Men convicted of killing a bootlegging rival will not be executed; a verdict is expected in September.
Death row Indians' Dh3.4m blood money deposited
SHARJAH // Negotiators for 17 Indian men sentenced to death after a fatal bootlegging brawl deposited the remainder of their Dh3.4 million blood money with the court today, ensuring they will not be executed.
A representative for the family of Misri Nazir Khan, the Pakistani victim, signed the documents this morning waiving the family's right to demand the death penalty.
Today's hearing lasted more than 30 minutes, with the family representative and the Indian negotiators agreeing on the final blood money amount.
The 17 men will hear their verdict on September 12.
They were found guilty in March last year of beating to death Mr Khan in the Saaja industrial area of Sharjah in January 2009.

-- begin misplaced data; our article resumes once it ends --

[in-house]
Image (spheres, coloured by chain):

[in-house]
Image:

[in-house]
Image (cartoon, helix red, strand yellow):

“Money will never bring him back,” said Sarfaraz Ahmed, 30, Mr Khan's brother, said last week. “He was my brother, my blood and that pain of losing him will remain with us for life. My aged parents have been crying since we accepted this money. They feel they have sold their son. Unfortunately, it is a compulsion, and we have to look out for the welfare of the entire family.”
Mr Ahmed said the family had decided to accept the money after elders in their village persuaded them to forgive the 17 Indians. Some of it will be used for the education of Mr Khan’s three-year-old daughter.
The 17 men — 16 from Punjab and one from Haryana — would still have to serve time in jail for murder, but their lawyers said they expect them to be released soon, as they have already spent more than 26 months in prison.
Bindu Suresh Chettur, the legal representative appointed by the Indian government, said there was no evidence to prove the men were guilty.